Denver man “damn lucky” to survive COVID-19 after 158 days in hospital
After 158 days of ventilators, trachea tubes, oxygen machines and physical therapy, Nate McWilliams on Thursday walked out of Swedish Medical Center happy — and lucky — to be alive after suffering from COVID-19.
More than 100 staff members cheered his recovery as he exited an elevator with a nurse pushing his wheelchair and another toting his oxygen tank. At the hospital’s front door, McWilliams’ wheelchair stopped, he put on the parking brakes, stood and slowly lifted his arms above his head and shook his fists.
Then McWilliams, who wasn’t vaccinated when he got sick in June, walked out as a man with a message for the unvaccinated.
“Get the shot,” he said. “Don’t wait. Because you don’t want to go through this.”
McWilliams’ release after more than five months in the hospital was celebrated by the staff that has been overwhelmed with patients since the coronavirus arrived in Colorado in March 2020. But the celebration comes as Gov. Jared Polis announced that the new omicron variant was discovered in Colorado and as the state’s death toll this week surpassed 9,000 people.
Dr. Mary Warner, Swedish’s associate chief medical officer and a pulmonary critical care specialist, intubated McWilliams and put him on a ventilator in the ICU in July. When he failed to respond to that treatment, the Swedish medical team decided to put him on an extracorporeal membrane oxygenation machine, or ECMO, so his lungs could have a break. The machine pumps a person’s blood outside the body and replaces carbon dioxide with oxygen when the lungs aren’t able to do so. The move kept McWilliams alive.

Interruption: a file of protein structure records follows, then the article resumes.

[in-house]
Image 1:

Not every patient meets the criteria for the treatment, and those who receive it require a lot of specialized care from a team of 15 to 20 providers, Warner said. And ECMO machines are in limited supply. Swedish has five at its Englewood medical center where McWilliams was treated.
“We don’t want people to think if they get sick they’ll put me on that fancy ECMO machine,” Warner said.
Seeing McWilliams walk out of the hospital was a boost to the doctors, nurses and other medical staff who cared for him. But Warner described McWilliams as “damn lucky” to have survived the virus and she advised the unvaccinated to get the shot as soon as possible.
As she spoke Thursday, her cell phone dinged with messages from COVID patients in her ICU. Everyone on a ventilator Thursday was unvaccinated, she said.
“This entire experience could have been prevented with one shot,” she said.
As for McWilliams, he still has a long way to go to return to full strength and his job as a delivery truck driver.
But with the worst part of the virus behind him, he said he couldn’t wait to get to his Denver home with his wife, Brenda Bailey, and help decorate their house for Christmas. He also craved barbecued ribs.
“When I get home I want to work hard. I want to put up the lights, but they won’t let me,” McWilliams said. “I love Christmas.”
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